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Cubital tunnel syndrome surgery

Cubital tunnel syndrome is the second most common compression neuropathy of the upper limb after the carpal tunnel syndrome. Ulnar nerve function impairment is caused by compression of this nerve in the area of the elbow joint.

Symptoms of cubital tunnel syndrome:

  • Numbness and tingling in the little finger and half of the ring finger.
  • Pain in the area.
  • Motor function disorders (trouble performing everyday activities, e.g., grasping objects).
  • Upper limb muscle atrophy.
  • Upper limb function impairment.

The symptoms tend to appear gradually, and serious and permanent damage occurs if the disease is left untreated.

Qualification for surgery

The decision to perform surgery is made by a physician during the orthopedic consult. The doctor takes the patient’s history to determine the symptoms and the situations in which they appear or worsen. Then, the specialist performs a physical examination with palpation and an ultrasound if needed. Electromyography (EMG) can be performed to support the diagnosis. EMG involves the measurement of nerve conduction impulses to determine whether the compression of the ulnar nerve is located in the elbow joint or at another level.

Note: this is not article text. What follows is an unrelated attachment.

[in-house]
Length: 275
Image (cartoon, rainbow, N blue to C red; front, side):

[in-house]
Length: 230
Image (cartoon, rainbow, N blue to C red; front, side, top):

The procedure

Treatment for the cubital tunnel syndrome involves surgical release of the ulnar nerve near the elbow joint. The doctor prepares the surgical field and anesthetizes the limb, then makes an incision in the skin on the medial side of the elbow joint to reach the nerve, and finally relieves the pressure by cutting the surrounding tissues. Stitches and a sterile dressing are placed on the wound. The procedure takes up to 60 minutes and the patient can leave the facility immediately after the procedure. The degree to which the symptoms are alleviated depends on the severity of the syndrome. Many patients report pain relief immediately after the procedure, but nerve regeneration may take up to several months.

After procedure recommendations

After the procedure, it is important to follow the recommendations:

  • Do not put pressure on the limb until the wound heals.
  • Change the dressing every two days.
  • Sutures are to be removed 10 to 14 days after the procedure.
  • Keep the limb warm.